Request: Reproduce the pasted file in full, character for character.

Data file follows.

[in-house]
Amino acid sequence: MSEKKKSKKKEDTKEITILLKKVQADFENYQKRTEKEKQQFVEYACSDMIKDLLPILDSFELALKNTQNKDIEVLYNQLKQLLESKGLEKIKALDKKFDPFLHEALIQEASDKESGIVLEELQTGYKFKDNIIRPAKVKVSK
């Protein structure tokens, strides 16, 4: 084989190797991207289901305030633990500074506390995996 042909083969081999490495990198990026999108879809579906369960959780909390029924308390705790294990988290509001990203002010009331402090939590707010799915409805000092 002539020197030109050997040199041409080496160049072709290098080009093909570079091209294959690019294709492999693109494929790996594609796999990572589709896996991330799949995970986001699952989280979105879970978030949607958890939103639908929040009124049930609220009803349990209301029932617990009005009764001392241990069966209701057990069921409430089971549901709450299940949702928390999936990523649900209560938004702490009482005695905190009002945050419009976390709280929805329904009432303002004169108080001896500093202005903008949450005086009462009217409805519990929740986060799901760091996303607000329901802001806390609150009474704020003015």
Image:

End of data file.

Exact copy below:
[in-house]
Amino acid sequence: MSEKKKSKKKEDTKEITILLKKVQADFENYQKRTEKEKQQFVEYACSDMIKDLLPILDSFELALKNTQNKDIEVLYNQLKQLLESKGLEKIKALDKKFDPFLHEALIQEASDKESGIVLEELQTGYKFKDNIIRPAKVKVSK
């Protein structure tokens, strides 16, 4: 084989190797991207289901305030633990500074506390995996 042909083969081999490495990198990026999108879809579906369960959780909390029924308390705790294990988290509001990203002010009331402090939590707010799915409805000092 002539020197030109050997040199041409080496160049072709290098080009093909570079091209294959690019294709492999693109494929790996594609796999990572589709896996991330799949995970986001699952989280979105879970978030949607958890939103639908929040009124049930609220009803349990209301029932617990009005009764001392241990069966209701057990069921409430089971549901709450299940949702928390999936990523649900209560938004702490009482005695905190009002945050419009976390709280929805329904009432303002004169108080001896500093202005903008949450005086009462009217409805519990929740986060799901760091996303607000329901802001806390609150009474704020003015």
Image: